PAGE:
Spade and Archer by Joe Gores
|Spade and Archer by Joe Gores|
|Reviewer: Louise Laurie|
|Summary: This book is the prequel to the acclaimed 'The Maltese Falcon'. Mr Samuel Spade, Private Investigator solves an array of crimes in his own unique fashion, much to the chagrin of the local Police Department.|
|Buy? Maybe||Borrow? Yes|
|Pages: 352||Date: November 2009|
Sam Spade decides, bravely, to set up his one-man detective agency. It's the 1920s in San Francisco so we have the prohibition era and all that that entails. Many locals, of course, choose to disobey the law, stick two fingers up, so to speak and as a result there's lots of bootleg liquor.
Straight away, it's evident that Sam is a man of few words. He has the mannerisms of a cat - stealthy, quick on his feet. He's also a compulsive chain-smoker, but then again, most people were. In that era, holding a cigarette was an elegant, almost essential accessory. How times have changed.
Sam is very much his own man and he certainly is not cowed by authority. He quickly builds up a steady client base with the energetic help of his young and loyal secretary, Effie. Assignments can be a mixed bag (he doesn't do domestics). Some are basic, bread-and-butter cases, while others are altogether more dangerous. Sam is not afraid of danger. He faces it head on. Also, where the local Police Department seem to have a line of thinking where its 'big and complicated' Sam's philosophy is 'to think small and simple.' It works and his agency achieves results. As a backstory for The Maltese Falcon it fits perfectly.
Sam also has charisma oozing out from every pore. His laid-back style and snazzy dressing is a big hit with the ladies - or dames as he would say. We have lots of fiery eye moments in the books, lots of clamped mouths, repressed emotions. But he also has a softer side as displayed by his attitude to Effie - he treats her like a little princess. His humour is as dry as a good dry martini. For example, when Sam's in conversation with the local Police Department, he reminds a sergeant that 'on this side of the bay you don't have the authority to arrest a dog for lifting its leg.' There are other elegant lines such as 'she hooked a hip over the corner of his desk' and also ' a secretary ... was banging on a typewriter as if it were a faithless lover'.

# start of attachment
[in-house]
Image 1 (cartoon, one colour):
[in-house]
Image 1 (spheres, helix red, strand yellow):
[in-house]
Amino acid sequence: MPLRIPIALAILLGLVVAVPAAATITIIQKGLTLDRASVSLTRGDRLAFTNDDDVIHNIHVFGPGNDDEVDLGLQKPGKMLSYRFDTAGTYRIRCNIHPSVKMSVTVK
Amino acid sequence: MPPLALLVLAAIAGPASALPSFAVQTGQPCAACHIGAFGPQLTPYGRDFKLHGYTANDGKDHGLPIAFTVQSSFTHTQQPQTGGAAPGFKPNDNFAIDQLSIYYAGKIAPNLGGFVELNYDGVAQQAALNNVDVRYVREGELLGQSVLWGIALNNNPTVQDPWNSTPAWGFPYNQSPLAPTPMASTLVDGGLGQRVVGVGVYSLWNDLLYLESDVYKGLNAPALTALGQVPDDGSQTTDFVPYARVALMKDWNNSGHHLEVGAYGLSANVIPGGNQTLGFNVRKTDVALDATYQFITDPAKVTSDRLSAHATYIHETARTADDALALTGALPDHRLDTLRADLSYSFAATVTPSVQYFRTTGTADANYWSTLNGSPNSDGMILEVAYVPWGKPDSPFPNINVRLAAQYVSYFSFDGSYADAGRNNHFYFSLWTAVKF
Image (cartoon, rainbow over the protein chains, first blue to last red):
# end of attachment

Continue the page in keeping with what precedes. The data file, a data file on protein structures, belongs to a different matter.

As Sam goes about his detective business, the real star of the book is the location of San Francisco. Perhaps the author appreciates this too. We're treated to many fine descriptions like 'In the bay Alcatraz was baying like an old hound.' The famous streetcars are mentioned time and time again, as well as the infamous fog which often covers the city like a blanket.
For me, courtesy of all those wonderful Holywood movies, the scene is very much set. I'm also thinking in black and white. Lots of lovely descriptions about the clothing of the time, the food, the music which gives almost a three dimensional flavour. Many of the scenes (both indoor and outdoor) are evocative of that great Holywood movie era. It's all very romantic ...
Although the title is Spade & Archer, the partner Miles Archer doesn't really make his appearance until around the last third of the book.
This book is all about action. That said, I think that I'd prefer to see it as a film rather than read it as a book. It's an uncomplicated, easy, pleasurable read. I get the hard-boiled city slicker Sam and I also get his innocent, wide-eyed side-kick, Effie. Both straight out of the movies.
If you like plenty of action, then this book's for you.
I'd like to thank the publishers for sending a copy to The Bookbag.
If this book appeals then you might also enjoy The 19th Wife by David Ebershoff.
You can read more book reviews or buy Spade and Archer by Joe Gores at Amazon.co.uk.
You can read more book reviews or buy Spade and Archer by Joe Gores at Amazon.com.
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